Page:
Thursday, December 07, 2006

The Iraq Study Group Report

WARNING: I am about to attempt to put a SHOULD on you. Don't say I didn't warn you.

It seems reasonable to me, in light of the fact that our government has spent 400 Billion of our dollars creating the current disaster zone in Iraq, that every American should read through the Iraq Study Group Report. It's only 160 pages. If you can't read the whole thing, at least read the letters from the co-chairs and the executive summary, which are pages 4-8, and the recommendations, which are from pages 33 to 62. Surely it's the least we can do to try to get a bit outside our Fox/CNN news, insular American heads. I suspect most of you will not do this. You'd rather go watch the football game, or whatever. Typical ugly americans, the lot of you. (my sincere apologies to all my non-american readers. I don't mean you.)

Here it is: The Iraq Study Group Report

My overall impression: 2 things:
1. The guys who wrote this report are bordering-on-insanely hopeful
2. Reading this report helps one to begin to get an understanding of just how much "we" bit off in the decision to invade iraq, and just how difficult the chewing has been and will continue to be.

A couple quotes:

There is no action the American military can take that, by itself, can bring about success in Iraq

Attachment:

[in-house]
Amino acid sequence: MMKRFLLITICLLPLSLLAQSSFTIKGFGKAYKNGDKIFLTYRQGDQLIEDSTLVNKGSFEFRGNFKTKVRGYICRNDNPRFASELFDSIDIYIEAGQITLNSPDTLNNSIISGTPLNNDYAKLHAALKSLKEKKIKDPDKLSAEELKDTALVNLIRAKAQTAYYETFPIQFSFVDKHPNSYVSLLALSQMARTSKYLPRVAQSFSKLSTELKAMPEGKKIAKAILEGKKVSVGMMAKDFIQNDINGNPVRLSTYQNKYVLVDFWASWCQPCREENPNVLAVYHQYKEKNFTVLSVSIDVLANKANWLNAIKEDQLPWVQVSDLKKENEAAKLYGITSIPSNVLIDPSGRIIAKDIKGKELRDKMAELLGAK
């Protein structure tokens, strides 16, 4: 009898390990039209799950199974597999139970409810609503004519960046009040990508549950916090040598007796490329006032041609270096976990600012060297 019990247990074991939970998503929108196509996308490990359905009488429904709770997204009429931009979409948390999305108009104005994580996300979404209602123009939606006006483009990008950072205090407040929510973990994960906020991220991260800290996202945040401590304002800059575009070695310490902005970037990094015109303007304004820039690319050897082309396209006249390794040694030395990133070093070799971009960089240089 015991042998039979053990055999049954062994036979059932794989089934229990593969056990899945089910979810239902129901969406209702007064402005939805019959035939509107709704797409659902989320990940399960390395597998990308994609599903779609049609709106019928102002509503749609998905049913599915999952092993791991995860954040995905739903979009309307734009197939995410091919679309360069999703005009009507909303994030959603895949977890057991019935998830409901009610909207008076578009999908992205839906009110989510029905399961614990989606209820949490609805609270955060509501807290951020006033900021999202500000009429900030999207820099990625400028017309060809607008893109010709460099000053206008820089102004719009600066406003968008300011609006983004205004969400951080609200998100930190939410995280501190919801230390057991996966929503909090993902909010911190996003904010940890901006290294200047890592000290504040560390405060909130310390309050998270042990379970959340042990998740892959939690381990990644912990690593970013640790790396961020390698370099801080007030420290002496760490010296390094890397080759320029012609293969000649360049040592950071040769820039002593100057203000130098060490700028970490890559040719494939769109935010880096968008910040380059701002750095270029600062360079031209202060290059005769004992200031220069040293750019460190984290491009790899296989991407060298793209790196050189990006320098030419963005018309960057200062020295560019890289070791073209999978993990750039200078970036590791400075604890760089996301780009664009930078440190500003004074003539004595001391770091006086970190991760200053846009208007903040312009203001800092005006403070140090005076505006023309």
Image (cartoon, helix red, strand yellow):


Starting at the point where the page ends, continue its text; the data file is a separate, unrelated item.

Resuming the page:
While it is clear that the presence of U.S. troops in Iraq is moderating the violence, there is little evidence that the long-term deployment of U.S. troops by itself has led or will lead to fundamental improvements in the security situation.
U.S. military forces, especially our ground forces, have been stretched nearly to the breaking point by the repeated deployments in Iraq, with attendant casualties (almost 3,000 dead and more than 21,000 wounded), greater difficulty in recruiting, and accelerated wear on equipment.
The number of refugees and internally displaced persons within Iraq is increasing dramatically.
All of our efforts in Iraq, military and civilian, are handicapped by Americans’ lack of
language and cultural understanding.

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